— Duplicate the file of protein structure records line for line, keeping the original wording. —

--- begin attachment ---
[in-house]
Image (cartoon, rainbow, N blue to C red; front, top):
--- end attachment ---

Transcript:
[in-house]
Image (cartoon, rainbow, N blue to C red; front, top):